Sunday evening will be the final hammer and, although I will be saddened to see many of these coins no longer in my inventory, I look forward to freeing myself from a somewhat ad-hock collection to a much more focused collection goal.
    I have began that new collection with a cut off grade of MS65/PF65 or above, with few exceptions to that rule. My first two coins to begin this new approach are both 1883-P 'No Cents' Liberty Nickels, one in PF66 Cameo and the other in MS66, both NGC. This is a design that I have always liked very much and I have always found the story behind the 'No Cents' version (even though they were widely saved and not very rare) to be intriguing.
    I hope to remain highly selective in my purchase choices and apply the same standard to the Classic Gold that will be added slowly and with a purpose. My eventual goal is to have an extremely nice, high grade type set, with Gold, and focusing first on those coins that I find to be of great historical importance. Second will be keeping in mind that I am working on a 'Box of 30' (that is the capacity of the aluminum slab case I recently purchased) and being extremely selective will be a must.
    I continue to have an extensive uncertified and OGP coin holding and plan to continue adding to that raw collection when the opportunity presents. In addition, my recent investment into higher quality photography equipment and my continuing desire to learn more and more about taking quality photos also adds to this hobby considerably.
    This is such a great hobby!

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  5. wdrob
    Not long ago I mentioned in a journal entry that I was reevaluating my collecting goals and the box of twenty, or something similar, was the direction I was going.
    I have consigned the majority of my collection with an auction house that is known well, Great Collections, and to many it would seem as though I am getting out of the hobby altogether since I also have listed in the Money Marketplace the sell of all the plastic NGC and PCGS Slab Boxes that I own.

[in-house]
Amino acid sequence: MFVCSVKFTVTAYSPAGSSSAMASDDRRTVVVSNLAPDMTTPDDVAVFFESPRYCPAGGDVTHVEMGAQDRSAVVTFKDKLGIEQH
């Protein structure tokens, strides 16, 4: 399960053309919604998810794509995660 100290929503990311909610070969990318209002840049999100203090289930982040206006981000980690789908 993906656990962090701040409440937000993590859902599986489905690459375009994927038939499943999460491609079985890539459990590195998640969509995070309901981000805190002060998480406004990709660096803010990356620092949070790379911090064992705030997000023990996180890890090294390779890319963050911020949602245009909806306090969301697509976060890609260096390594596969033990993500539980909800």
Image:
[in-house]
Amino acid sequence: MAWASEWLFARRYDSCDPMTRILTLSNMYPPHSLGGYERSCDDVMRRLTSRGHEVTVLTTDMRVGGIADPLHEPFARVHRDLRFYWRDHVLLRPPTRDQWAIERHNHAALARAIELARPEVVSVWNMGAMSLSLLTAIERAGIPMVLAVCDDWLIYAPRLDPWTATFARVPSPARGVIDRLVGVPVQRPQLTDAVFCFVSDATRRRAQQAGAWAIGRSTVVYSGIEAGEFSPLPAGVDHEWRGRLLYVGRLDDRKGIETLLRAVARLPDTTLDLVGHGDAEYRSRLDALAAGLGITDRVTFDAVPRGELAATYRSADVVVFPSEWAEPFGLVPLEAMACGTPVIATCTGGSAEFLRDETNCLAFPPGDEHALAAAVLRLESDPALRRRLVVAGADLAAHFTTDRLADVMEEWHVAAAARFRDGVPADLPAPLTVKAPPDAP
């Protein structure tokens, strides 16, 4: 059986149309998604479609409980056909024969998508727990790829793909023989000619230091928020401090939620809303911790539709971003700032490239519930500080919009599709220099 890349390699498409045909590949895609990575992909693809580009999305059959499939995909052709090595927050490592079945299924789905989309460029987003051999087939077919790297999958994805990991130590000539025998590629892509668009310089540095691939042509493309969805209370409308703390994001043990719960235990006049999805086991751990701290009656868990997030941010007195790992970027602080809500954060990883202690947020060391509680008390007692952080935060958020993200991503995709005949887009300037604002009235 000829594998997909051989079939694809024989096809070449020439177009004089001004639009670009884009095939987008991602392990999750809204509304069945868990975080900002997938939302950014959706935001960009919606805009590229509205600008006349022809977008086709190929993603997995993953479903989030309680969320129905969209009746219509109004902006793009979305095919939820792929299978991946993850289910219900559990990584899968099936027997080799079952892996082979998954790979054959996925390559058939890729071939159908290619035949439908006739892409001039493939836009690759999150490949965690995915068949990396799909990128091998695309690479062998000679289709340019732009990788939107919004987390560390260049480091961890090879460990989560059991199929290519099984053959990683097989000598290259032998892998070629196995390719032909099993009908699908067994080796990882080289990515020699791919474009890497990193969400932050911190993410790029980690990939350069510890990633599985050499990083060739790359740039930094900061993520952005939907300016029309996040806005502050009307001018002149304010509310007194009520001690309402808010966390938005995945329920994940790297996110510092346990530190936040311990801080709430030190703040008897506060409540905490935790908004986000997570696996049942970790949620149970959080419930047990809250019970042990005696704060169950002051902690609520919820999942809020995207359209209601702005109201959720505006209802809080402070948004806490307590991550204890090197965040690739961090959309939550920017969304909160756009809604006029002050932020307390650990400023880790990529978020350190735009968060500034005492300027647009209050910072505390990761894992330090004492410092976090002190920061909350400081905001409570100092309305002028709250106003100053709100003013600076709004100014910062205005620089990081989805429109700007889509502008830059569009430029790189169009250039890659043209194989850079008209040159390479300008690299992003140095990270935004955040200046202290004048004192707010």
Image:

This could not be further from reality. I am simply implementing my course correction as it relates to my collecting goals. I am selling the boxes because I have chosen to purchase the Aluminum Slab Boxes, and the one I chose first is the 30 slab holder.
    I have considered much of the advice given and particularly that from Roger. The fact that these aluminum boxes, that hold 30 slabs, are much smaller than I had imagined, I have found that my safe will accommodate 4 or more of these very well (without stacking) to go along with all the other items such as raw coins, bullion, and very important paperwork (which the latter is in fireproof safes within the large fireproof safe) that currently occupy the safe.
    Many may not understand wanting to essentially 'clear house' of all the coins I have previously purchased but I believe it will be easier for me to maintain focus by just starting from scratch, save two or three coins that I kept. There is nothing wrong with the coins that I had in my collection and many were deemed by not only myself, but others as well, to have been either under graded or very strong for the grade. The opportunity for others to obtain some nice coins has presented itself with this consignment.